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Pathos Reader Ethos Writer Logos Text.  Is the writer trustworthy?  Does she treat the other side with respect?  Does he try to establish common ground.

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Presentation on theme: "Pathos Reader Ethos Writer Logos Text.  Is the writer trustworthy?  Does she treat the other side with respect?  Does he try to establish common ground."— Presentation transcript:

1 Pathos Reader Ethos Writer Logos Text

2  Is the writer trustworthy?  Does she treat the other side with respect?  Does he try to establish common ground with the reader?  Does she use reputable sources to support her ideas?  Does he utilize language that is appropriate to his field or academic position?

3  How does the writer tap into the emotions of their reader?  How do they make the argument matter to readers?  What happens if an appeal is only based on emotion and nothing else?  Note: Ads are particularly effective at implementing pathos, but do they use ethos in an equally effective manner?

4  Does the argument make sense?  Is the argument sound?  Does the writer provide evidence (examples, illustrations, analysis, outside sources, etc…) to support his claim?  What would happen if an argument was heavy on logos but didn’t employ pathos or ethos?

5 Tell us what you’re going to tell us (introduction). Tell us (body). Tell us what you just told us (conclusion).

6 What Is It: ▪ Introduction, 3 body paragraphs, conclusion ▪ Sample-College is good. Why It’s Used: ▪ Logical, coherent organization ▪ Great for 3 page papers, but what about 10 page papers?  Why College Professors Don’t Like It:  Limits each paragraph to one major point  Less time to develop each major idea ▪ Solomon’s essay  Limits creativity and doesn’t encourage students to take unique audiences/circumstances into consideration

7  The introduction is the broad beginning of the paper that answers three important questions:  What is this?  Why am I reading it?  What do you want me to do?  You should answer these questions by doing the following:  Set the context – provide general information about the main idea, explaining the situation so the reader can make sense of the topic and the claims you make and support  State why the main idea is important – tell the reader why s/he should care and keep reading. Your goal is to create a compelling, clear, and convincing essay people will want to read and act upon  State your thesis/claim – compose a sentence or two stating the position you will support with logos (sound reasoning: induction, deduction), pathos (balanced emotional appeal), and ethos (author credibility).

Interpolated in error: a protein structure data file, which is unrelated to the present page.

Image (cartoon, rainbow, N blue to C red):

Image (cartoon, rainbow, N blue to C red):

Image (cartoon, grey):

8  Never start an introduction with: “Since the beginning of time, man…” BORING!  Liven it up!  Tell us a story/anecdote  Ask a question  State a startling fact ▪ Let’s look at some sample introductions

9  Thesis Statements  End your introduction with your thesis  Thesis/claim – compose a sentence or two stating the position you will support with logos(logical appeal), pathos (balanced emotional appeal), and ethos (author credibility).\  Your thesis NEEDS to address the ethicality or appropriateness of the advertiser’s approach!

10  Thesis Statements should be ARGUMENTATIVE—not descriptive.  This ad portrays a sexy woman wearing very little clothing and provocatively drinking a bottle of Evian water.  Thesis statements avoid vague language (like "it seems").  Thesis Statements should reference the ad or advertiser.  Thesis statements should be specific and focused.  A strong thesis proves a point without discussing “everything about …” ▪ Barry Bonds endorsing Cheerios represents all the problems with the sports and marketing industries.

11  Thesis statements should avoid the first person. ("I believe," "In my opinion")  Thesis statements should pass the So what? or Who cares? Test  Would your most honest friend ask why he should care or respond with "but everyone knows that"?  For instance, "Marketers should not target children in alcohol or cigarette ads," would be unlikely to evoke much opposition.  Also, be careful attacking the “sex sells” method of advertising. It’s hard to make any new or interesting arguments against this tactic.  In groups, pretend you are Jack Solomon; create a thesis statement that reflects your position on one of the ads mentioned in “Masters of Desire”

12  Unity  The entire paragraph should concern itself with a single focus. If it begins with one focus or major point of discussion, it should not end with another or wander within different ideas.  Coherence  Coherence is the trait that makes the paragraph easily understandable to a reader.  A topic sentence  A topic sentence indicates in a general way what idea or thesis the paragraph is going to deal with.  Can be placed anywhere, but it’s best to put at beginning of paragraph